|Photo by Miguel Landestoyi|
Well-studied ecologically, Greater Antillean anoles are a textbook example of a phenomenon known as replicated adaptive radiation, where related species evolving on different islands diversify into similar sets of species that occupy the same ecological niches. Although most Greater Antillean anoles may have a matching counterpart on another island, scientists have long known that a sizeable fraction do not. About one fifth of the region's anole species are 'exceptions to the rule' so far.
Most noticeable among these unique lizards are Cuban anoles from the Chamaeleolis group. Chamaeleolis anoles look less like typical anoles and more like chameleons: large, cryptic, slow-moving, and prone to clinging to lichen-covered branches high in forest canopies. Scientists believed there was nothing like these Cuban lizards on the other Greater Antillean islands.
However, Anolis landestoyi was found in the Dominican Republic by anaturalist who first spotted and photographed it. The species was named after him (Miguel Landestoyi).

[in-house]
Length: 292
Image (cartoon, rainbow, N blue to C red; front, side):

For the experts: We report a new chameleon-like Anolis species from Hispaniola that is ecomorphologically similar to congeners found only on Cuba. Lizards from both clades possess short limbs and a short tail and utilize relatively narrow perches, leading us to recognize a novel example of ecomorphological matching among islands in the well-known Greater Antillean anole radiation. This discovery supports the hypothesis that the assembly of island faunas can be substantially deterministic and highlights the continued potential for basic discovery to reveal new insights in well-studied groups. Restricted to a threatened band of midelevation transitional forest near the border of the Dominican Republic and Haiti, this new species appears to be highly endangered.